Saturday, July 01, 2006

Secret Doors

I promise not to put too many pictures up here, but I thought I should at least have a go at linking one or two. This is from my research files for Cowboy Angels. It’s the route that field agents use to reach the gate between their reality and ours, located on the 49th Street side of the Waldorf-Astoria hotel. The two doors open onto a stairway and a freight elevator that give access to a loading platform in Grand Central Station that fell into disuse after the station’s own power plant was demolished following a switch to ConEd as a source of electricity. There’s an unconfirmed story that President Roosevelt, in his specially adapted automobile, was whisked from train to street via the freight elevator when he visited New York.

If you’re wondering about the low resolution, it was taken with my thumb-sized Philips wearable digital camera.

More Dick

Joshua Glenn has a thoughtful piece on the film of A Scanner Darkly and director Richard Linklater over on Slate.

Tuesday, June 27, 2006

On The D.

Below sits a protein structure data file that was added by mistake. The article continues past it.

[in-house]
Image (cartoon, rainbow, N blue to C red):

Yesterday to a preview of A Scanner Darkly in a plush screening theatre in Warner Brother’s London headquarters. Director and screenwriter Richard Linklater is clearly a fan of Philip K. Dick’s work; his adaptation of Dick’s semi-autobiographical novel about an undercover cop falling apart under the insiduous influence of the brain-killing drug Substance D, is, some necessary compression apart, faithful to both the text and the melancholy spirit of the novel. It was shot as a live action film and rotoscoped by computer animation to provide a graphic novel look that works pretty well; it’s hard, really, to see how the scramble suit effects could have been done so effectively otherwise. Hallucinatory weirdness is kept to the minimum, although there’s some very subtle distortion here and there, especially towards the end. Given that the story is largely plot-free and packs a lot of dialog, it does sag a little in places, but does its best by Dick's intricate drug-fueled paranoid riffs, is seasoned with some lovely touches of black humour, and the diminuendo ending, containing just a flicker of hope, is faithful to that of novel. Fans of Dick’s work will almost certainly love it, but I fear that its bleak, amorphous plot will have limited appeal to the general public. Keanu Reeves as undercover narc Bob Arctor is basically Keanu Reeves; Robert Downey Jr is a tour de force as the manically unpleasant James Barris; Woody Harrelson and Winona Ryder turn in solid performances, and Rory Cochrane is going to hate being called the new Jack Black.
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